Freelancers benefit too. Most freelancers rely on multiple contracts to make up the equivalent of what they'd earn in a traditional "9-5" role. Without romanticizing it too much, more openings equals more opportunity. This openness to hiring part-time or contract work is good news for wannabe freelancers who want to try work in a new field, gain a specific type of work experience, make connections and build a track record of success, grow or diversify their freelancing portfolio, and/or monetize a passion project.
The benefits of the gig economy vary, depending on whose perspective you take -- the business, worker or consumer.
Benefits of Gig Work
There are several factors contributing to this gig work shift, but a key one is that work is increasingly being arranged and carried over digital platforms. Marketplaces and gig platform apps grew by 77%.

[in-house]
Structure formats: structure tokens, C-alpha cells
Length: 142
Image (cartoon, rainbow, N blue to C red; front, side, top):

For this reason, you might think that the uptake of this short-term remote work model is being driven by Generation Z, the tech-native demographic cohort succeeding millennials, but surveys show Generation X (those 41 to 56 years old) and Baby Boomers (those currently aged 57 to 75), do the most gig work.
Why are these people attracted to gig opportunities? Everly, LLC funded a survey of 2,000 gig workers to ask them about freelancing. The respondents surveyed reported loving:
- The freedom to choose which projects to work on - 43%
- Flexible hours - 41%
- Being my own boss - 40%
The fourth most reported benefit? The flexible work location (39%).
What about the downsides? Reported downsides include: finding it difficult to build vacation time into their schedule, clients that don’t always pay or pay on time, and the lack of employer-sponsored health benefits.
The Rise of Remote Working
Along with the benefits listed above, gig work is often appealing because there are a lot of remote work opportunities.